Monday, December 10, 2012
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Intense search turns up financial records from Lincoln's congressional career


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[December 10, 2012]  WASHINGTON -- Even Honest Abe had to fill out paperwork to collect his salary and mileage money.

Researchers with the Abraham Lincoln Presidential Library and Museum have tracked down records signed by Abraham Lincoln, then a member of Congress, to get his money from the federal government: $8 a day and $8 for every 20 miles he traveled to and from his home in Illinois.

The documents were found at the National Archives in Washington, D.C., by David J. Gerleman, assistant editor with the Papers of Abraham Lincoln project. Nineteenth-century pay records from the House of Representatives are scarce, but Gerleman came across an 1848 pay voucher for Lincoln rival Stephen A. Douglas while examining Treasury Department documents.

This small discovery sparked a targeted search of other Treasury account records to try to pinpoint where other members' pay files might be located, or if they even still existed.

After exhausting virtually every option, Gerleman ran across a single entry of House records in an often-overlooked section of Treasury Department records. Contained within several battered volumes was exactly the information sought: Lincoln's official signed pay and mileage accounts, complete with check numbers, date of issue, amounts and miles traveled.

One entry shows Lincoln collected a total of $2,024 in salary for January through August of 1848 and got an additional 1,300.80 for travel. This and other Lincoln documents are available at

The volumes were likely kept by the House sergeant at arms, and individual members had to sign off on their accounts at the close of each session.

"I was excited to finally track down these records, and it was an extra thrill to see that these volumes contain signatures of the majority of House members from 1813 to 1889," Gerleman said.

"Unfortunately, the 1840s are a known gap for House salary and spending information," he said. "One of the most difficult tasks was trying to first reassemble the exact process of how members of Congress were paid during the period."

Persistent research revealed that the speaker of the House had to request warrants through the secretary of the Treasury. The speaker signed individual pay vouchers and distributed them to members, who could cash them at the Corcoran & Riggs Bank, the only federal depository in Washington.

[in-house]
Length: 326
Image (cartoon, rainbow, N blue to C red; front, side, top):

Representatives were paid according to an 1818 law fixing compensation at $8 a day plus $8 per 20 miles traveled. The legislation did not specify the shortest route, a fact that came under scrutiny when congressman-turned-journalist Horace Greeley publicly reproached members for taking less-than-direct routes home.

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With Steven Spielberg's film spotlighting Lincoln's political skills and an upcoming book examining his House career, these records provide a timely link to the future president's two years as a Whig congressman. Those years gave Lincoln a valuable education on policy and politicking at the national level. They also brought him into contact with politicians who would either fight with or against him during the Civil War, including both his vice presidents, Hannibal Hamlin and Andrew Johnson, Cabinet secretaries Simon Cameron and Caleb B. Smith, and a host of future Confederate leaders.

The Papers of Abraham Lincoln is a long-term documentary editing project funded in part by the National Historical Publications and Records Commission and is dedicated to identifying, imaging, transcribing, annotating and publishing all documents written by or to Abraham Lincoln during his lifetime.

"These exciting new discoveries demonstrate the value of our careful and thorough approach," said Daniel W. Stowell, director of the Papers of Abraham Lincoln. "David Gerleman and our other colleagues are searching tens of thousands of records with incredible skill and tenacity to ensure we have the fullest possible understanding of Lincoln's life."

David Ferriero, archivist of the United States, said: "I was very excited to learn that once again researchers have mined the National Archives to discover important documentation. This is just the latest of many finds by the staff of the Papers of Abraham Lincoln project. Their work adds to the historical record and will help future researchers develop new insights."

[Text from Abraham Lincoln Presidential Library and Museum file received from the Illinois Historic Preservation Agency]

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